Why Everyone Loves The Pixies

Don't ever change, Frank...
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Don't ever change, Frank...
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Everyone loves the Pixies. They’re just one of those bands. Their early discography inspires so much enduring affection that it really doesn’t matter how good Head Carrier, their new album, is. The record will do well, original fans and newcomers will keep listening to them, the band will sell out whenever they play and everyone will still love them.

We know this because in 2014 they released their first new album for 23 years, Indie Cindy. What should have been a triumphant return ended up being slightly underwhelming, partly because Indie Cindy was nothing more than a compilation of their three recently released EPs, and partly because it didn’t really sound like the Pixies. Despite this, everybody still loved them. Because everyone loves the Pixies.

For most people, this goodwill relates to the output from the band’s late-eighties heyday. The Pixies’ first two albums, Surfer Rosa and Doolittle (along with their debut mini-LP, Come On Pilgrim) are among the most thrilling, memorable and influential alternative rock records of all time, featuring enduring classics like 'Monkey Gone To Heaven', 'Gigantic' and 'Where Is My Mind'?

Differences within the band, particularly between frontman Black Francis and bass player/vocalist Kim Deal, famously led to its demise in the early-nineties, after they’d released two more excellent, but less beloved albums, Bossanova and Trompe Le Monde.

Always more popular in Europe than in their native US, the band’s reputation in their homeland grew during their hiatus. Even so, it was a shock when the original line-up reformed and started playing gigs in 2004. The truce between Francis and Deal always seemed uneasy and she left, apparently for good, before the new material that became Indie Cindy was recorded.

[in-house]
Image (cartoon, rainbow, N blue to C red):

Paz Lenchantin is the charismatic new permanent bass player and female voice in the band. She doesn’t exactly impersonate Kim Deal but, you can certainly hear her influence on Lenchantin, which is understandable. Her presence seems to have revitalised the band.

A strong female voice and understated basslines were always key elements of the Pixies’ appeal and other classic Pixies traits have returned for this album. Their trademark loud/quiet/loud dynamics are used throughout, notably on 'Tenement Song' and on the excellent, unconventional love song 'Oona', which also features characteristic violent imagery (“Oona, I will await destruction”). There are typical skewed pop songs like 'Classic Masher' and 'Bel Esprit', a track which also benefits from the soaring harmonies between Francis and Lenchantin, who even gets a solo song, 'All I Think About Now', the introduction of which flies audaciously close to 'Where Is My Mind' territory.

For those who like their Pixies on the heavier side there’s 'Baals Back' in which Francis unleashes his ferocious scream and the unhinged rockabilly of 'Um Chagga Lagga' which also features a classic Joey Santiago guitar solo. The downbeat 'All The Saints' includes a wobbly surf guitar that would have fit snugly onto their underrated third album Bossanova. There are even some of the undercooked lyrics that main songwriter Black Francis has always been prone to; example, on 'Talent', “Talent, fighting on the east side, talent, taking on the west side, talent, fucking up the north side”. Altogether these traits, along with the scintillating chemistry of the new line-up and the high quality of the songs mean that Head Carrier really sounds like the Pixies should.

So it doesn’t matter how good Head Carrier is; the important thing is that the Pixies are around as a functional, current band, doing what bands do – touring and recording new material – which should please everyone who loves them, original fans and newcomers alike. Nobody would have expected the new album to be as good as Surfer Rosa or Doolittle, and of course it never reaches those creative peaks, but it’s easily a match for anything else in their output, which is way above what most bands are capable of. It didn’t really matter if was any good or not, but Head Carrier improves with every listen and more importantly, it showcases the Pixies sounding like the Pixies again. Even more reasons to love them.



Follow Nick on Twitter @noisecrumbs and check out his blog of the same name.